Airline ancillary revenues are at an all-time high, up by 21% last year to almost $40bn according to the latest CarTrawler Yearbook of Ancillary Revenue press release. With some analysts hoping for US$130bn in additional ancillary by 2020 clearly hopes for sustained airline profitability rest with ancillary sales as fare competition will remain fierce. However, when only 25% of bookings through metamediaries result in ancillary purchase other channels need to be used to reach the expectations. In this post, we look at how airlines digital performance can help ancillary sales.
Defining digital performance
If you want to sell your products the way you want, first you need to get visitors to your store. This simple principle has worked for centuries and still can give invaluable insights when applied to digital performance of the airline industry. Specifically, we relate the volume of the direct traffic visiting the airline.com website (as estimated by SimilarWeb) to the number of passenger carried in 2014 by a given airline. The very strong relation between those two measures, as shown in our earlier post, allows us to develop a reliable regression model. Difference between the model predictions (i.e. market average traffic for a given airline size) and actual online engagement defines digital performance.
Digital performance scores are calculated for 55 out of 63 airlines analyzed in the CarTrawler Yearbook. We include only those for which data at airline, not group, level was available, and exclude airlines that carried under 1mln passengers in 2014. To check how much digital performance matters we analyze how it relates to the share of ancillary revenues in total revenues for all airlines.
Digital Performance – a key for LCC ancillary revenues?
The picture below leaves no doubts that low cost airlines mastering digital performance are also ancillary revenue winners. The regression results suggest that low cost airlines that have 10 percentage points better digital performance have 1.5 percentage points higher share of ancillary revenues.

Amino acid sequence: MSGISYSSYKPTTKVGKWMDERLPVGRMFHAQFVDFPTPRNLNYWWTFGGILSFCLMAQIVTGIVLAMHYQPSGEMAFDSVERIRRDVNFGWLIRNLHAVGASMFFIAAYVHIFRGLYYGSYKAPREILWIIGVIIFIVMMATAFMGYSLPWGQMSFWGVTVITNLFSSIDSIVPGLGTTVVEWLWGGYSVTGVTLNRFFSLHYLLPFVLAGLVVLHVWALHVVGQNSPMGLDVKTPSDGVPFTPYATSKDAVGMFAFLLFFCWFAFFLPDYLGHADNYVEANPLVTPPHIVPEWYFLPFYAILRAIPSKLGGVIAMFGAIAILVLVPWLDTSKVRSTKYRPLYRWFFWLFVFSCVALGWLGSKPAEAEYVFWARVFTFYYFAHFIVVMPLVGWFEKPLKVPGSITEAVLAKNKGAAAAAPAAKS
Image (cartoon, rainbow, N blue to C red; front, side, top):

Website attracting visitors is the best channel of communication with customers allowing to exchange information for mutual benefit. More traffic, gives more chances not only to push extra leg space or priority boarding to website visitors but also earn commission through affiliate programmes. For example, Vueling’s ancillary revenue per passenger was $15 during 2014, but the average for bookings made exclusively via direct channels leaps to over $29, as pointed by the CarTrawler report. Traditional carriers selling over 50% of tickets through GDS miss the flexibility in offering paid services. The long awaited NDC may reduce the gap between the carrier types.
Why it is not the case for the legacy carriers? The bulk of ancillary revenues for legacy carriers, especially in the US and Australia, comes from sale of frequent flier miles or points to partners such as hotel chains or co-branded credit cards. The success of this B2B strategy, is independent of digital performance. But even more important is the variety in approaches to ancillary revenues and unbundling between the traditional airlines. Some airlines invest in digital performance to improve customers’ digital experience while other have more retailing mentality. However, most likely the biggest reason for lack of relation between digital performance and ancillary revenues are reporting issues. Many of the traditional carriers have implemented unbundling in a form of fare families and branded fares which has lead to a strong boost of ancillary revenues. Unfortunately, those are not included in the report.
New ancillary revolution needed?
The so called ‘ancillary revolution’ that has introduced luggage fees and eliminated complimentary on board meals has unlocked new streams of revenue for the industry. More price discrimination introduced by branded fares and a la carte pricing, given the tight competition in the airline market, has been beneficial both for passengers and the economy as a whole. However, the revenue boost is close to its limits. It is difficult to think of services for which the ancillary revenue leaders – Spirit, Wizzair and Allegiant – don’t charge their customers already.
NB Image courtesy frankieleon/flickr (image cropped)